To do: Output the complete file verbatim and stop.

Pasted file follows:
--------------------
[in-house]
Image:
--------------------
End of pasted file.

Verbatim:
[in-house]
Image: